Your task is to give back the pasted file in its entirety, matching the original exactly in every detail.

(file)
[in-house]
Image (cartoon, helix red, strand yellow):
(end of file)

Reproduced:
[in-house]
Image (cartoon, helix red, strand yellow):